May 7, 2013
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Most advisors recognize that clients are unhappy with returns in the last decade, but believe they are satisfied with communication and the relationship as a whole.
That’s why three recent conversations I’ve had with investors and advisors should set off alarm bells.
Three causes of client defection under your control
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In my 25 years working in the investment industry, I’ve had numerous conversations with advisors and investors about what makes clients leave. Sometimes it truly is beyond advisors’ control – markets underperform, clients have unrealistic expectations or feel they can save money investing on their own. And sometimes clients are won over by a sales pitch from another advisor who shot the lights out.
But often, the issues that cost clients fall into three categories that are absolutely within advisors’ control.
The first of these relates to communication.
A recent article described a conversation with clients thinking about switching because they weren’t getting updates between annual meetings on market developments, leading them to wonder whether their advisor was actually on top of what was happening. Other clients complain that they never hear from their advisor unless they initiate contact or that when they meet, their advisor dominates the conversation.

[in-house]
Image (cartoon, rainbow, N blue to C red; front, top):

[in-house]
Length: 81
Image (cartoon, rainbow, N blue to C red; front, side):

A second set of issues within advisors’ control that damages relationships and can cost clients hinges on responsiveness and clients feeling unimportant or unappreciated.
A while back, I wrote about clients who left because their advisor hadn’t responded to requests for a comprehensive financial plan. Other clients have talked about advisors failing to respond to questions in a timely fashion or things like changes of address that drag on without resolution.
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